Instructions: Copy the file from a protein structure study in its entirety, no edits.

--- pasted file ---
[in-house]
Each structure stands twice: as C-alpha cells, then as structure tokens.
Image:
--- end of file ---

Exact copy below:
[in-house]
Each structure stands twice: as C-alpha cells, then as structure tokens.
Image: